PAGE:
The beginning and the end thus turn into next-door neighbours. In the musical scale, one may start with the lowest pitch and gradually ascend to the highest. When the highest is reached, one finds it is located next to the lowest. In a similar way, when the highest stage is reached in the study of Taoist teaching, a gung fu man turns into a kind of simpleton who knows nothing of Tao, nothing of its teachings, and is devoid of all learning. Intellectual calculations are lost sight of and a state of no-mindedness prevails. When the ultimate perfection is attained, the body and limbs perform by themselves what is assigned to them to do with no interference from the mind. The technical skill is so automatic it is completely divorced from conscious efforts.
There are big differences between the Chinese hygiene and the Western hygiene. Some of the obvious ones are Chinese exercise is rhythmic, whereas the Western is dynamic and full of tension; the Chinese exercise seeks to merge harmoniously with nature, whereas the Western dominates it; the Chinese exercise is both a way of life and a mental cultivation, while the Western exercise is merely a sport or a physical calisthenic. Perhaps the main difference is the fact that Chinese hygiene is Yin (softness), while Western is Yang (positiveness). We can compare the Western mind with an oak tree that stands firm and rigid against the strong wind. When the wind becomes stronger, the oak tree cracks. The Chinese mind, on the other hand, is like the bamboo that bends with the strong wind. When the wind ceases (that is, when it goes to the extreme and changes), the bamboo springs back stronger than before.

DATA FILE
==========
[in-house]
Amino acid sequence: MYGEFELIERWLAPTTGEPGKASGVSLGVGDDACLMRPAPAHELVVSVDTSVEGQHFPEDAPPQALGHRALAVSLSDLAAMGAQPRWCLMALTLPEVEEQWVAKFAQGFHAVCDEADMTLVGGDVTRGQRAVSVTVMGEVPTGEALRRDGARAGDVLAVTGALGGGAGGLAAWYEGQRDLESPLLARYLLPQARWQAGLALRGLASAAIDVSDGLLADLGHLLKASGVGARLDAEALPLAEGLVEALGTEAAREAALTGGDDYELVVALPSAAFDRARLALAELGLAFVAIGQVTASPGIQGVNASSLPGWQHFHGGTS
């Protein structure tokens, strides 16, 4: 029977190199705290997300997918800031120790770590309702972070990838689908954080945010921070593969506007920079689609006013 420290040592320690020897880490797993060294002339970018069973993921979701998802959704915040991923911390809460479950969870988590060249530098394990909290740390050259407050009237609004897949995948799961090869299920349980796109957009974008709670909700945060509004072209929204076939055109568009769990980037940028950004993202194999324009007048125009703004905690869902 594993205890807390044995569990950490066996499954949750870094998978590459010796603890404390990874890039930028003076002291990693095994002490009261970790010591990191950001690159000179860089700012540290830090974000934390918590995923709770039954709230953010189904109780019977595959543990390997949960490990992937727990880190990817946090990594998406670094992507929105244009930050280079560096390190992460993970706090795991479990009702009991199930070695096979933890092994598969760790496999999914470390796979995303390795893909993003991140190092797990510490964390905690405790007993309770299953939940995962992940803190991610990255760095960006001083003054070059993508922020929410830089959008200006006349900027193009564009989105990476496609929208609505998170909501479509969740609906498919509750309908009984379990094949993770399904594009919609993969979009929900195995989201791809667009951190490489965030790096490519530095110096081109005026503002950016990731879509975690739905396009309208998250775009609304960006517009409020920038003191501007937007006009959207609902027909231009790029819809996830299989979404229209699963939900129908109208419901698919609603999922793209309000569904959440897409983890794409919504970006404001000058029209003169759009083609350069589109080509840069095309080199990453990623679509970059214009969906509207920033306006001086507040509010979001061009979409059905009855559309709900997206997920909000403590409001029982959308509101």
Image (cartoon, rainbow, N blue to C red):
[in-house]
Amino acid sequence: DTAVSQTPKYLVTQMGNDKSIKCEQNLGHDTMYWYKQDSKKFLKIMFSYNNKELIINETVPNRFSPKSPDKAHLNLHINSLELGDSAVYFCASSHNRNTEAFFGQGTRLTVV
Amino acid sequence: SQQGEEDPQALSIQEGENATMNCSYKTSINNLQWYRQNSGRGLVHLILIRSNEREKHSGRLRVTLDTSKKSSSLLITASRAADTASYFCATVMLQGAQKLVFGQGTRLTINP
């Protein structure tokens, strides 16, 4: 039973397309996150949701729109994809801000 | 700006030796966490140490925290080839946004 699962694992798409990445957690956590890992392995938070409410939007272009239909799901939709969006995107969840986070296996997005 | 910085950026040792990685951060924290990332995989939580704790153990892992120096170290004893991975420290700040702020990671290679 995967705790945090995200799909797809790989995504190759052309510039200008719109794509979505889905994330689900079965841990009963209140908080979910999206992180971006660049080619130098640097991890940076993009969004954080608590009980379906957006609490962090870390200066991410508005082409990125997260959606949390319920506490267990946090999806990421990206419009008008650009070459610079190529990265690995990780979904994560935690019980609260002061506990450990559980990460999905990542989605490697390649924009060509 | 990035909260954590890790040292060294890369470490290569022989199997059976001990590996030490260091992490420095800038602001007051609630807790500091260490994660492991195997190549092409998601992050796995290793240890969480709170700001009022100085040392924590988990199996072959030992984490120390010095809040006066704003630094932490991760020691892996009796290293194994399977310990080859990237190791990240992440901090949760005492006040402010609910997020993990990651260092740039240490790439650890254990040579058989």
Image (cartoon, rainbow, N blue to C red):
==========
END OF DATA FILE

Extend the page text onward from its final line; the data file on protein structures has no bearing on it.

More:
Western hygiene is a gratuitous waste of energy. The overexertion and over development of bodily organs involved in Western athletics is detrimental to one’s health. Chinese hygiene, on the other hand, throws its emphasis on conservation of energy; the principle is always that of moderation without going to the extreme. Whatever exercise there may be consists of harmonious movements calculated to normalise but not excite one’s bodily regimen. It starts out with a mental regimen as a basis, in which the sole object is to bring about peace and calmness of mind. With this as a basis, it aims at stimulating the normal functioning of the internal process of respiration and blood circulation.